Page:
Elevated serum uric acid (SUA) levels are associated with development of hypertension and vascular and renal target organ damage, according to a new long-term study.
Investigators studied 961 parents and 570 children who were initially healthy at the time of recruitment into the STANISLAS cohort, a single-center familial longitudinal cohort that began recruiting patients in 1993 to 1995. The primary objective of the cohort was to investigate gene-gene and gene-environment interactions as they relate to cardiovascular diseases. A team led by Patrick Rossingnol, MD, of Université de Lorraine, INSERM CIC-P, CHRU de Nancy, Nancy France, analyzed the impact of SUA on hypertension risk and target organ damage using values obtained at visit (V) 1 (baseline), V2 and V3 (conducted approximately 5 and 10 years later, respectively), and V4 (conducted from 2011 to 2016).
Among the parents, each 0.79 mg/dL (70 µmol/L) increment in SUA level at V1 and V4 was significantly associated with 32% and 33% greater odds of hypertension, respectively, after adjusting for age, gender, smoking status, and other possible confounding variable, Dr Rossingnol and his colleagues reported in the American Journal of Hypertension. Each increase of 0.57 mg/dL in SUA between V1 and V4 was significantly associated with 25% greater odds of hypertension.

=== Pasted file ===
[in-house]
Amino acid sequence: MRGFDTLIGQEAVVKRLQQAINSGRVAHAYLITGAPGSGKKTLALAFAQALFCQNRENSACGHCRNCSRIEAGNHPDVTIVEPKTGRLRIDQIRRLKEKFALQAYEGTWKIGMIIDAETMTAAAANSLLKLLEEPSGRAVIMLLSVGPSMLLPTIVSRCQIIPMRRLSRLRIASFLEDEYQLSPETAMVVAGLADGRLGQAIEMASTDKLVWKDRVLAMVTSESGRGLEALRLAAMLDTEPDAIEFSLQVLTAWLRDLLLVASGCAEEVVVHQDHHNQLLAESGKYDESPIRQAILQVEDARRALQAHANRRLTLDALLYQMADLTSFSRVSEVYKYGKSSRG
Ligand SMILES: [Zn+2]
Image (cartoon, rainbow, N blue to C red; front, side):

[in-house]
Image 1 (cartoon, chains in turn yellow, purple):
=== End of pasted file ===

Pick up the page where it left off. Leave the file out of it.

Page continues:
An analysis of the whole study population (parents and children) found that each 0.79 mg/dL increment in SUA was significantly associated with 28% increased odds of hypertension at V1, but was not significantly associated with hypertension at V4. Each 0.57 mg/dL (50 µmol/L) increment in SUA between V1 and V4 was significantly associated with 25% increased odds of hypertension.
Higher baseline SUA was marginally associated with an increased risk of having high carotid-femoral pulse wave velocity.
The study found an association between SUA with blood pressure (BP) that was dependent on body mass index, with the increase in BP being greater in leaner participants. The association between SUA and decline in estimated glomerular filtration rate (eGFR) was age dependent, with older individuals experiencing greater eGFR declines.
Dr Rossingnol’s team found no significant association between SUA and diastolic dysfunction or left ventricular hypertrophy.
Kanbay M, Girerd N, Machu JL, et al. Impact of uric acid on hypertension occurrence and target organ damage: Insights from the STANISLAS cohort with a 20-year follow-up [published online April 8, 2020]. Am J Hypertens. doi: 10.1093/ajh/hpaa030